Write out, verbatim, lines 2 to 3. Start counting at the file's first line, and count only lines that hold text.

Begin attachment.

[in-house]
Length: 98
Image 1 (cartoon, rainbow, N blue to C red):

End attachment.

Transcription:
Length: 98
Image 1 (cartoon, rainbow, N blue to C red):